Graduate Medical Education
Wayne State University School of Medicine (SOM)
Nervous System and Muscle Pathophysiology Course for Year II medical students is a yearly basic course taught by basic science and clinical faculty. This course is offered every spring and developed jointly by Dr. Edwin George, Department of Neurology and Dr. William Kupsky, Department of Pathology and Neuropathology. Case-based discussions offer students a chance to apply basic neuropathophysiology to real world cases.
WSUSOM offers a mandatory third year clerkship of four weeks in clinical neurology. Year III students have the opportunity to rotate on the inpatient wards at Detroit Receiving Hospital or Harper University Hospitals, the Neurocritical Intensive Care Unit, and a variety of clinics including epilepsy, movement disorders, neuromuscular, neuroimmunology, Charcot-Marie-Tooth (CMT) clinic and dementia/neurodegenerative specialties. Access to faculty during these clinics is one-to-one teaching. The clerkship is run by Dr. Maher Fakhouri, Department of Neurology. In addition, neurology faculty participates in Year I and other basic science courses as well as clinical and research electives for Year IV students.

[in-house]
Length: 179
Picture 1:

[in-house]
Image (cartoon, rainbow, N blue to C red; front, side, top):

The Student Interest Group in Neurology is an active association on the medical school campus with monthly meetings. Neurology residents and medical students often share didactics and additional teaching sessions such as clinical skills training, brain cutting labs and volunteer work at the Michigan Science Museum during Brain Awareness Week. Elected Year II students work closely with the faculty supervisor, Dr. Deepti Zutshi and these events are directly supported by the Department of Neurology and the American Academy of Neurology. Students interested in neurology may contact Dr. Zutshi to discuss future career plans in neurology residency. Scholarships for research are supported by the American Academy of Neurology and applications can be found Click Here
Wayne State University SOM and Detroit Medical Center (DMC)
The Wayne State University SOM and DMC Neurology Residency Program offers residents pursuing post-graduate training in neurology the opportunity to be trained in a busy, high acuity urban hospital network for patients who live in the world's automotive capital, Detroit. Patients in the metro Detroit area, the surrounding Southeast Michigan suburbs and Canada give residents a broad ethnic and socioeconomic patient population to treat and serve. This unique patient population mix translates to exposing our residents to diverse neurologic pathology that is primed to provide top class clinical experience and training.
The Department of Neurology offers a diverse range of fellowships, including Clinical Neurophysiology (EEG, EMG or split track), Epilepsy, Vascular Neurology, Neurotrauma/Neurocritical Care, Neuro-oncology, Movement Disorders and Neuroimmunology. The admission requirements and information about each fellowship is provided in the links to the left.